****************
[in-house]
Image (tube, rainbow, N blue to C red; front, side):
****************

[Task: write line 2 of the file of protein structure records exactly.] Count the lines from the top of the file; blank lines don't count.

Image (tube, rainbow, N blue to C red; front, side):